While Desiman Miller was incarcerated at the East Mesa Reentry Facility (EMRF), he made a promise to himself — he would learn as many new skills as he could during his time there so that when he left he would have the best chance for success. He enrolled in more than 25 classes and spent his free time reading.
In greater San Diego, Desiman and justice-involved individuals like him have more than a 50 percent chance of going back to jail after release within three to five years. This dire statistic makes it very hard for ex-offenders to rebuild their lives, to reconnect and support their families, and to be a positive influence in their communities.
Employment is critical to successful re-entry. When an ex-offender finds and retains work, the likelihood of reoffending is significantly reduced. Unfortunately, the chance of an ex-offender finding employment is uncertain at best.
Former U.S. Secretary of Labor Thomas Perez said,
When someone leaves a county or local jail, very real barriers too often stand in their way as they try to find a career and lead a successful life. We have to do more to help them land on their feet as they return to their communities.
Ensuring employment as a means of breaking the cycle of recidivism is a common-sense approach that strengthens communities and improves public safety.
An innovative partnership between the San Diego Workforce Partnership, Second Chance, and the county sheriff’s and probation departments has resulted in the creation of career centers within EMRF and the Las Colinas Detention and Reentry Facility (Las Colinas). The two-year program, called Reentry Works San Diego, will provide 1,000 justice-involved individuals with critical services including: pre- and post-release employment readiness, assessments, résumé assistance, interview skills, entrepreneurial workshops, mentorship, a computer lab for job searching, placement services, and access to support and training post-release.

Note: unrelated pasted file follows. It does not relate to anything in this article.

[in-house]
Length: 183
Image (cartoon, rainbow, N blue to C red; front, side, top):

At Las Colinas, an all-female facility, approximately 65 percent of the ex-offenders return home to care for children. Reentry Works staff not only focus on employment skills but also connecting participants to child care and other support services prior to release.
We are on the right path. We are more than one year into the program and initial results show a significant reduction of recidivism. So far, only 13 percent of those individuals who participated in pre-release activities have recidivated. Remarkably, only 3 percent of those individuals who have participated in pre- and post-release activities have returned to jail. At an investment of only $850 per program participant, the return on investment has proved to be invaluable.
While this effort represents a big step forward in the challenge of effectively reconnecting the justice-involved to our communities, more must be done. There are approximately 8,000 inmates in county correctional facilities. Every year, 95 percent re-enter our communities. Our vision is to implement Re-entry Works in every prison and jail in San Diego County. Imagine the impact to our communities, to the family members of those incarcerated, and the individuals who have done their time and are ready to become productive members of our region.
Earlier this month, Gov. Jerry Brown brought this message to San Diego, highlighting training programs in our state’s jails and calling upon our region’s employers to find the potential in ex-offenders who can add value to the workforce and to hire them.
We are very optimistic that these smart investments will increase successful re-entry and employment rates, improve public safety and build stronger neighborhoods.
The next step to making our vision a reality is to build on these programs and find more investors. We need the public and private sector in our region to fund programs like these and help make this vision a reality. Federal funds are just a start. Our community now needs to embrace and invest in this model. Re-entry Works really works.
Desiman recently exited EMRF, graduated from Re-entry Works and immediately landed a job. “I probably wouldn’t be as confident as I was in my job search,” Desiman says. “Knowing that I can get a job because I’ve already got these skills … [Re-entry Works] helped me out a lot.”
Breaking the cycle of recidivism and connecting justice-involved individuals to employment has been proven to work. There are no easy fixes. Rebuilding a life after release is challenging, but we all benefit when more individuals like Desiman remain with their families, get jobs, and rejoin our community.
The authors of this article are County Sheriff WILLIAM GORE, Chief County probation Officer ADOLFO GONZALES & CEO of San Diego Workforce Partnership PETER CALLSTROM.
Other San Diego programs that aid inmates preparing to enter society are detailed in Susan Madden Lankford’s film “It’s More Expensive to Do Nothing, available through this blog.”
© Humane Exposures / Susan Madden Lankford